5 Things To Remember When Dealing With Toxic Family Members During The Holiday Season

Twenty20 / przemekklos
Twenty20 / przemekklos

The holiday season is upon us, bringing with it syrupy carols, tinsel-lined streets, and an inexplicable desire for peppermint hot chocolate. However, in addition to delicious eats and sparkly decorations, this time of year may also mean coming face-to-face with families and relatives.

While, for some, family gatherings can be joyful affairs, for others, family time has a tendency to bring about some painful conversations and general unease. “It hardly ever ends up being a vacation,” my coworker tells me, “I never get to relax.”

Though individual circumstances may vary, my coworker is certainly not alone. Whether it’s a well-meaning aunt who is a bit too curious about your love life or a Trump-loving father who still doesn’t seem to grasp the meaning of political correctness, navigating family dynamics can be downright draining.

In some cases, unhealthy family relationships can be toxic, and in this case choosing not to go home for the holidays could be the best option. But for those who will be spending the holidays with family, there are few things to keep in mind that can help you make the best of things.

Ground Yourself

If your finances allow, consider arranging an alternative place to stay – whether it’s a hotel room, a friend’s house, or an Air BnB – near your relatives’ home. This way you can come and go as you please and have a safe place to retreat to if your surroundings become uncomfortable.

If you are staying at your parents’ or another relative’s home, make your room a temporary safe place you can escape to and ground yourself in. While being present is certainly important, taking care of your mental health takes priority. Don’t be afraid to go out for walks, take advantage of down time to read a book or listen to a podcast; don’t feel obligated to be physically present at all times.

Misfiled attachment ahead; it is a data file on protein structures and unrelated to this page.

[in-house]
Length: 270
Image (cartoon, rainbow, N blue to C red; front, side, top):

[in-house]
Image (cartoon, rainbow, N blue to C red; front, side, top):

Educating Others Isn’t Your Job

Listening to a relative rationalize why the Syrian refugee crisis is not the United States’ responsibility, or why “all lives matter” is enough to make even the most patient of individuals choke on their eggnog. Teaching an intensive course on decolonization over dinner is probably not going to happen, and regardless of how good your intentions may be, it simply isn’t your job to spend your holidays educating others. Depending on your family, it may be possible to touch upon some controversial topics in a constructive way; however, sticking to simple subjects is usually the surest course of action.

If you do find yourself surrounded by problematic banter and are unable to bite your tongue, consider asking a few leading questions that might incite some thoughtful conversation – or at the very least some quiet reflection – rather than provoking all-out warfare at the dinner table. If this fails, try calmly suggesting a topic-change.

Make Some Space

Fielding a barrage of nosy inquiries from family members can be difficult to manage. And while it may look different for everyone, cultivating an internal safe space can make all the difference. Whether it’s practicing deep breathing, burning a scented candle, or nursing a glass of Cabernet Sauvignon, there are many ways to keep calm in the face of adversity.

Though drinking yourself under the table might not be the best plan, identifying things that could help to create a more positive atmosphere is a good place to start. Take a minute to brainstorm some things that make you feel comfortable – whether it’s a scented lotion or a favorite oversized sweater – and consider using these as tools to create a calmer environment for yourself. Of course, even with these considerations there is a chance you could still find yourself feeling triggered by an insensitive comment or topic, and if this happens it’s perfectly okay to excuse yourself.

A Dose of Realism

Most of us have endured enough holiday seasons to know what we might be in for this year. Still, it’s easy to get swept away with romanticized ideas of what our holidays should look like. Keep in mind that all families have their own eccentricities and hang-ups, and with the added chaos of flight delays, last minute gift-wrapping, and intergenerational warfare, tensions can make everyone want to tear their hair out.

This year, do your best to meet your family members halfway and plan ahead of time what you might be willing to compromise on in order to maintain harmony. And remember, it’s not your fault if things don’t go as planned; be proud of yourself for doing your best.

Embrace the Chaos

Regardless of who you plan on spending the upcoming holidays with this year, remember to take care of yourself and do what you can to keep the peace. Aside from unnecessary drama and cringe-worthy conversations, quality family time can have the potential to be a positive experience, and there’s a chance these quirky holiday memories will make you smile one day. TC mark

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